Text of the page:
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I'm trying to execute this:

$ mysql --user=XXX --password=XXX --batch --skip-column-names \
 -e "SELECT userid, displayname FROM Users" stackoverflowdb | \
split -l 50 -a 5 - "result."

but bash complains about ) 'unexpected' character (i have this character and few other 'weird ones' in my mysql password). I tried to take my password in quotes --password="myweirdpasshere" but then mysql won't login me at all (probably password is incorrect?)

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Does it work if you "escape" the open-parens with a backslash first? e.g. "my\(password" – ewall Aug 28 '09 at 16:24
up vote 2 down vote accepted

If you don't give the password on the command line, it will bring up an interactive prompt. That might solve your error. Just use -p instead of --password=XXX.

Of course, if you require unattended access to the script, that's not a very useful answer. It would be more helpful if you could create a minimal example and tell us the exact error that Bash gives you.

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now my hd works intensively so i guess something is happening... thanks – Phil Aug 28 '09 at 16:32

Some characters such as $, `, ", and sometimes \ retain their special meaning inside double quotes. If your password contains any of those characters, use single quotes instead. (Unless your password also contains single quotes, in which case you might just drop the quotes altogether and put a \ before each special character.)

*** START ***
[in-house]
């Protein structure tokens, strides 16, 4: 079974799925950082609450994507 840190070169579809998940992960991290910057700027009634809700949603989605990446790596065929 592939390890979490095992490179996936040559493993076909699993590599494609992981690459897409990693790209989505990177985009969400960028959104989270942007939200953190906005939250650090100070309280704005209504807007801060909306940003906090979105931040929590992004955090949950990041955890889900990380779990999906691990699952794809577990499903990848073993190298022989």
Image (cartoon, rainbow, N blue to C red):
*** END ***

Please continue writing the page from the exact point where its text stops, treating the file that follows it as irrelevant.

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If you've a lot of special characters, maybe use 'xxxxx'\''yyyy'; this uses single quotes to suppress all special characters except "'"; the sequence "'\''" (excluding the double quotes) terminates the current single quoted string, adds a backslashed single quote, and starts a new single quoted string. – Jonathan Leffler Aug 29 '09 at 19:25

You should be able to put the password in the $HOME/.my.cnf file, avoiding this issue as well as increasing the security.

Another option to using $HOME/.my.cnf is embedding the configuration file into the script. A comment on the documentation gives examples on this. For your case it should be:

$ mysql --user=XXX --defaults-file <(printf '[client]\npassword=XXX\n') \
--batch --skip-column-names \
-e "SELECT userid, displayname FROM Users" stackoverflowdb | \
split -l 50 -a 5 - "result."
share|improve this answer
You should do one or the other, I think. It seems as though you are combining two different methods. – Dennis Williamson Aug 28 '09 at 19:30
Good feedback. Yes, I describe two different, alternative options, but the text does not make that very obvious. I will make it clearer. – hlovdal Aug 29 '09 at 18:59

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